Anything’s possible. Are there dudes around who’d off someone for money? Shit yeah. Are there dudes who have extreme skills for that sort of thing? Depends.  
 
How about dudes with military-type training?
 
Don’t know about that. But I wouldn’t think it’d be too hard to find someone. We got a lot of guys who do their time in the Navy and don’t want to leave paradise when the time comes.   The problem would be getting a piece.
 
Really? That’s easy as shit where I come from.
 
Not here, man. Hawaii is crazy about gun control. Other than the cops, the only guy in the whole state who has a license to carry is the dude who runs the armory and repairs all the cops’ guns. That’s his deal.
 
What about black market.
 
We got that, for sure. You can get a heater, for a price. But the Coast Guard is pretty hard on smugglers. So any specialized equipment, bigger stuff, military grade, I don’t know. Navy guys and Coasties have to turn in their weapons every time they leave the ship. Not allowed to go anywhere with them. And since 9-11 those bases are ultra secure. Nothing in or out that ain’t approved.
 
How do you know that?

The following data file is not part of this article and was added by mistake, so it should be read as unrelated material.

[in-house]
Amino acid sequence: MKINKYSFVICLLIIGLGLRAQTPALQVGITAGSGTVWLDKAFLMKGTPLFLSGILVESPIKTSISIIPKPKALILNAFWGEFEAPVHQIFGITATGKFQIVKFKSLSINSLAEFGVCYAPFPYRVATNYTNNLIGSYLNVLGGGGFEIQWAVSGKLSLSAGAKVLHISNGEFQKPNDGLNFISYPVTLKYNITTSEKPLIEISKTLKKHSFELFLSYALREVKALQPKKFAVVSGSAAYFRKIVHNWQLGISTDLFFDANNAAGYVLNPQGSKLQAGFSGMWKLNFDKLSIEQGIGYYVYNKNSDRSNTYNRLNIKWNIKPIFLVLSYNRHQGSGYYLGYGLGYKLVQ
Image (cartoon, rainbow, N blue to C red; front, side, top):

He laughed.
 
Cause they come in here all the time, man. Matter of fact, there’re some over there.
 
I looked over at the far side of the main table. 
 
Two young men with close-cropped hair, wearing polo shirts and jeans, were fully enjoying the view before them. I noted what they were drinking, got two more of the same from the bar, and sat down next to them. The guy closest to me raised an eyebrow when I slid their beers in front of them. I waved a hand.
 
No, no, man. It ain’t that. My friend Oleo over there mentioned you’re in the military, and this is just my way of saying thanks. Seriously. Thanks. I admire what you guys are doing.
 
They looked at each other, grinned, downed their brewskies, and reached for the fresh ones. The kid next to me looked all of eighteen years old. Barely.
 
            Hey, mister. Thanks. That’s mighty nice.
 
            You guys deserve it. 
 
I stuck out my hand.
 
Huck Doyle.
 
Seaman Lance Buckley. This is Dave. Seaman David Wilkerson.
 
Nice to meet you. What branch are you in?
 
The second kid, Dave, spoke up. He looked to be about four minutes older than Lance.
 
            The United States Coast Guard, sir.
 
To which Lance added:
 
            Semper Paradus!
 
My law school Latin failed me.
 
            Always. . ?
 
            Ready. Always ready. That’s us. For sure.
 
            You based here?
 
            Yessir. Flotilla 13. Kaneohe Bay.